(Reuters) - U.S. health regulators on Friday approved Abbott Laboratories Inc's blockbuster rheumatoid arthritis drug Humira for the treatment of moderate to severe ulcerative colitis, a form of inflammatory bowel disease.
The U.S. Food and Drug Administration approved Humira for use by adults to help control the chronic condition once immunosuppressant medicines, such as corticosteroids, have proved ineffective.
Humira, by far Abbott's biggest product with annual sales of about $8 billion and still growing, is already approved to treat a number of inflammatory diseases. In addition to rheumatoid arthritis, the medicine is approved for psoriatic arthritis, ankylosing spondylitis, Crohn's disease, plaque psoriasis and juvenile idiopathic arthritis.
Morningstar analyst Damien Conover said the latest approval "will help to continue building the franchise" and could eventually add annual revenue approaching $500 million.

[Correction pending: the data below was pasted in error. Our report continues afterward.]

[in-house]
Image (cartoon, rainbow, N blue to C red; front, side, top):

Ulcerative colitis, a chronic disease that causes inflammation and ulcers in the inner lining of the large intestine, affects about 620,000 Americans, according to the National Institutes of Health.
"Each patient with ulcerative colitis experiences the disease differently, and treatment must be adjusted to meet each individual's needs," Donna Griebel, of the FDA's Division of Gastroenterology and Inborn Errors Products, said in a statement.
"Today's approval provides an important new treatment option for patients who have had an inadequate response to conventional therapy," she added.
Humira should only continue to be used in patients who have shown evidence of clinical remission after eight weeks of therapy, the FDA said.
Abbott shares were down 65 cents, or nearly 1 percent, at $68.67 on the New York Stock Exchange.
(Reporting by Bill Berkrot; Editing by Gerald E. McCormick)